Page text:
How to become a referee

If you love snooker and want to get involved in the sport, a great way to do so is to become a referee. But where do you begin?

We spoke to leading World Snooker referee and assessor Brendan Moore, together with fellow referee and English Association of Snooker and Billiards (EASB) Director for referees Rob Spencer, who explain below how you can start your journey, perhaps one day to the Crucible!

First steps

There are regional governing bodies across the world, for example in Europe this is the European Billiards and Snooker Association and in Asia this is the Asian Confederation of Billiard Sports.

Within these bodies are individual National Governing Bodies (NGB), such as the China Billiards and Snooker Association (CBSA). The first step is to establish who your NGB is and once you have done this, to contact them and request further information from them.

In England the NGB is the EASB and as an example, below we set out the process of becoming a snooker referee in England.

Becoming a snooker referee in England

To begin your journey you will need to contact the EASB to find out who your local examiner is and then get in touch with them so that they can arrange a seminar for you to attend.

Before you go to the seminar, you will need to buy the current rule book to read and familiarise yourself with the rules.

Photo of Rob Spencer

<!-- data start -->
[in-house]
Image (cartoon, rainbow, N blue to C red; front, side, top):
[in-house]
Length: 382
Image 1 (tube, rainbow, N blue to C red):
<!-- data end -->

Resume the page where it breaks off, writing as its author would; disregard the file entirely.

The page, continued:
What happens at seminars?

You will need to attend two seminars. During the first seminar the examiner will go through the rulebook with you word for word, explaining certain key words and sentences so you fully understand their meaning.

A week later you will attend seminar two, where the examiner explains the rules at a snooker table in greater depth.

Once you have completed both seminars, you will be ready to take your Class 3 examination.

The Class 3 snooker referee examination process

Your examiner will advise you of the time, date and location for your Class 3 examination. In England this is a standardised exam. It covers all aspects of the rule book. The examiner will ask questions which will be both verbal and scenario based. The scenarios will be demonstrated at the table.

At the end of the exam you will be notified immediately if you have passed. If you have failed you will be given feedback and will be able to retake the exam at a later date. If you have passed, congratulations!

I’ve passed, now what?

You have now passed your Class 3 exam and have proved that you have a sufficient knowledge of the rules to referee. Your examiner will register you with the NGB and will provide details of the local referee association. Most examiners are also tutors who will provide advice and ongoing mentoring.

You now need to learn how to referee at the table. The only way to do this is to gain experience. There are a number of ways to do this, most people begin with local league matches. At these your local tutor and assessor can monitor your performance and provide coaching. Once you feel more confident you can register your interest with the NGB who can provide opportunities at national tournaments which vary from junior level to the top amateurs in the country.

How do I become a professional referee?

Don’t try and rush things, take your time. Refereeing at the highest level isn’t as easy as it may appear. Give yourself at least two years working your way up from local league level to refereeing for your NGB gaining valuable experience.

If then you feel you are ready for the next step, send your CV to World Snooker stating your refereeing career to date. If possible, attach references from your tutor and/or NGB.

If successful, you may be invited to referee at Q School where you will be assessed by the World Snooker Assessors.

Photo of Brendan Moore